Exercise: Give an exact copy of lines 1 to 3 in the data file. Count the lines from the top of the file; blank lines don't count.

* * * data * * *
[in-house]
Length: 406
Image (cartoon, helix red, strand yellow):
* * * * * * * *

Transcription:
[in-house]
Length: 406
Image (cartoon, helix red, strand yellow):